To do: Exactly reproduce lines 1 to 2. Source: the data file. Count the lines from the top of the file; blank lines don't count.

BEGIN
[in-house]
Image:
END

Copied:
[in-house]
Image: